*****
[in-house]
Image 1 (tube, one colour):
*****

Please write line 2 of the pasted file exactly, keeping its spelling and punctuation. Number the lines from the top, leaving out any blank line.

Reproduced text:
Image 1 (tube, one colour):